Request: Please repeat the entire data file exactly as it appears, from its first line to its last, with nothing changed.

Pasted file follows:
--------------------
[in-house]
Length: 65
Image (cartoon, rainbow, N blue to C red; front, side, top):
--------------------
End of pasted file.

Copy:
[in-house]
Length: 65
Image (cartoon, rainbow, N blue to C red; front, side, top):